Letters: The Murdoch Empire

Is a once-mighty empire on the verge of collapse?

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As a former Index on Censorship regional editor for Eastern Europe, who interviewed journalists, politicians and activists on the subject of media manipulation and abuse during the political transition there, I am fascinated to witness the nexus of media abuse involving giant corporations, journalists, police and politics now exposed to public view in the UK.

Journalists have been aware for years that abuse of media freedom, corruption and invasion of privacy have been issues in Britain and that the Murdoch empire has played a significant role in these. However, the power of that empire has chilled debate and obstructed investigation.

That a tipping point may have been reached just now is evidenced by the curious willingness of some key figures, such as former features editor Paul McMullan, to talk about activities that may implicate themselves and their media bosses. I witnessed a similar dynamic at work in Eastern Europe. Precisely those figures who had served an abusive system and felt it in their interests to preserve the secrecy of the abuse by remaining silent, once they perceive that system as vulnerable, become willing to talk and to implicate those whose orders they were following. This can lead to a rapid unravelling of empires, and News International may be no exception.

Ursula Ruston

Chew Magna, Somerset

Mr Cameron is quoted as saying: "As a party leader you are bound to want a relationship with the media because you want to get your message over and if that means talking to the head of the BBC, the editor of The Guardian or Rupert Murdoch I will go out and do that."

Mr Cameron is being disingenuous. Of course the media is the means by which parties explain what they stand for, but having a relationship with the media is not the same thing as having a relationship with a media proprietor, and in the above quote Cameron clearly confuses the two.

Politicians of all persuasions would do well to reach a consensus on what contacts with media proprietors are, and are not, appropriate. This would go some way to neutralising the malign influence that unelected but powerful media proprietors wield by the exploitation of the competition that exists between political parties vying for favourable media coverage.

Jeremy Sheldon

Dorking, Surrey

I find it astonishing that Mary Dejevsky takes this opportunity to praise Rupert Murdoch (8 July), saying: "With Sky, he transformed the television landscape, giving British viewers a breadth of choice that has only recently come to the rest of Europe."

This choice only came to British viewers who were willing and able to pay the cost of a subscription and actually reduced some previous choices. Years ago, I was able to watch free, via satellite, a German TV station broadcasting live English football matches which were concurrently being broadcast on Sky pay TV. The only difference was a German- language commentary.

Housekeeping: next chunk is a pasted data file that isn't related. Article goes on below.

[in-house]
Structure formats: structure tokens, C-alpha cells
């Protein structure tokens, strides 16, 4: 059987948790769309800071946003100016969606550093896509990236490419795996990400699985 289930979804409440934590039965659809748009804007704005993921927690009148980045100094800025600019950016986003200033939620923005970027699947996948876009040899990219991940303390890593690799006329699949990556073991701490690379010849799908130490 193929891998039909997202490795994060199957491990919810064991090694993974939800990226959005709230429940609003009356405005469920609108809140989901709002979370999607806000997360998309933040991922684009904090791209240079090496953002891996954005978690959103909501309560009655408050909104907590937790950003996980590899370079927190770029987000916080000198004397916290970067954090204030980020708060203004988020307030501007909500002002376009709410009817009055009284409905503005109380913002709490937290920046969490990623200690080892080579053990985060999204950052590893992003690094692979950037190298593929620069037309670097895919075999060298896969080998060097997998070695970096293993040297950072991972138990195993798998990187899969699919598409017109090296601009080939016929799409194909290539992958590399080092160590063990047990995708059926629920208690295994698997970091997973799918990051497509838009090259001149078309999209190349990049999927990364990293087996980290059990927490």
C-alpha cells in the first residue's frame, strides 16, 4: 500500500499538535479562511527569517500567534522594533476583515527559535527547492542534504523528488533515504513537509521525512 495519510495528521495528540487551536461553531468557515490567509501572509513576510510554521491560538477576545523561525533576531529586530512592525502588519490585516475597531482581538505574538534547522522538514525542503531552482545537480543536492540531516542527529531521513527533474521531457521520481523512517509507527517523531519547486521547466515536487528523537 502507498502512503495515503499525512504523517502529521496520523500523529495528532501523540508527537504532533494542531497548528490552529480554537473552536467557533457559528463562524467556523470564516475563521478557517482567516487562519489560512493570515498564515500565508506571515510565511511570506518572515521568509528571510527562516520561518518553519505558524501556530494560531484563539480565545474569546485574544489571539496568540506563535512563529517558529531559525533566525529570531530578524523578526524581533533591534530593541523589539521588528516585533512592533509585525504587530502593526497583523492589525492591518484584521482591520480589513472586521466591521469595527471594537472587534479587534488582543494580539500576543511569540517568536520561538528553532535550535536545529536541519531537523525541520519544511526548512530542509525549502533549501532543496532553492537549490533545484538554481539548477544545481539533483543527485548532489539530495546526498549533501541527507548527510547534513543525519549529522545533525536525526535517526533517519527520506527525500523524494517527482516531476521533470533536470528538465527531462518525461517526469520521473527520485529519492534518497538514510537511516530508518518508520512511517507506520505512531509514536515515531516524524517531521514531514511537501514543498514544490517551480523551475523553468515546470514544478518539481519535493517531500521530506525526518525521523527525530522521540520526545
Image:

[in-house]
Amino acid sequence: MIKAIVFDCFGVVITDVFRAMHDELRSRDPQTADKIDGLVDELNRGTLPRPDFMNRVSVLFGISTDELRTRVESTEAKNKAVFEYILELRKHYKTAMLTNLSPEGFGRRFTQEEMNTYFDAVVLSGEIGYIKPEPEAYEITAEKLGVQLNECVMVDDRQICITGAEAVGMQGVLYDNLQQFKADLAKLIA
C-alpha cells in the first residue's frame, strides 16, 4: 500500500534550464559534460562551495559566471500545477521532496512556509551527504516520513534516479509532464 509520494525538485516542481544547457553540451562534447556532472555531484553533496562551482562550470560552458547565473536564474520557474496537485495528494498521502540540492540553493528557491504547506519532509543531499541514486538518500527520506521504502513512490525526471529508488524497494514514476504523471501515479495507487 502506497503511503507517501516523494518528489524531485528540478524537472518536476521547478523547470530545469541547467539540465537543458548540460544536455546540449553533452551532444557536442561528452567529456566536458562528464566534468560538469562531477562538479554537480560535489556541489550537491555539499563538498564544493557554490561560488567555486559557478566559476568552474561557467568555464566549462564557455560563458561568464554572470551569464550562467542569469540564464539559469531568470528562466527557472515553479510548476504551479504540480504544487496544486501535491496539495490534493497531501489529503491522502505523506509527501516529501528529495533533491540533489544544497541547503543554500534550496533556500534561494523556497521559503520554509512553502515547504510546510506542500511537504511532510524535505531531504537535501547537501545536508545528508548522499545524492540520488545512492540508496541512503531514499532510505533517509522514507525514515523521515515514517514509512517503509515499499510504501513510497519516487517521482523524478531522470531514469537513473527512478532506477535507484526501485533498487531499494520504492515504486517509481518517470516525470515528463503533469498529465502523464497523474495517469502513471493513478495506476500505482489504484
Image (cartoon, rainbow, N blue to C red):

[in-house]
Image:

H Wilkinson

Todmorden, West Yorkshire

Andreas Whittam Smith (7 July) writes of Section 79 of the Regulation of Investigatory Powers Act 2000: "This is the catch-all section of the Act. If you have presided over an organisation that has conducted criminal activities, either you gave the orders, or you gave permission, or you connived, but if you did none of these things, then you were neglectful. That is the trap, that is the box in which the directors of News International will find themselves."

Your readers may recall "Morton's fork". Morton, Henry VII's chancellor, stated that no one was to be exempted from taxes. If a subject was seen to live frugally, he was clearly a money-saver of great ability, and so could afford to give generously to the King. If he lived extravagantly, he, too, could afford to give largely, the proof of his opulence being evident in his expenditure.

This is an ingenious and persuasive way to curb Murdoch (and others) without infringing press freedom. I trust it will be successful: it should be called "Whittam Smith's fork".

Colin Bartlett

Bournemouth, Dorset

Chris Huhne, a politician I usually admire, was uncharacteristically stupid with his comment "We should have a personal assurance from Rupert Murdoch that these illegal practices were confined to the News of the World". How would such an assurance help? If he gave it and it proved false, all he'd have to do was say that he was "not in possession of all the facts" when he did so, and he'd be home free – with BSkyB in the bank. After so many weaselling evasions, what grounds do we have to trust anything the man says?

G M Ball

Coventry

If The Sun publishes a Sunday edition this will show the closure of the News of the World to have been an empty gesture which insults our intelligence.

Does a change of name exonerate a criminal, or entitle a debtor to repudiate his debts?

Donald MacCallum,

Milton Keynes

David Cameron should by now have been reminded of the wisdom of the proverb, "If you lie down with dogs, you will get up with fleas".

D A Reibel

York

As usual, Shakespeare got there first. Four hundred years ago, in a line that could have been written for today's craven politicos, he wrote in the "Dirge for Fidele": "Fear no more the heat o' the Sun."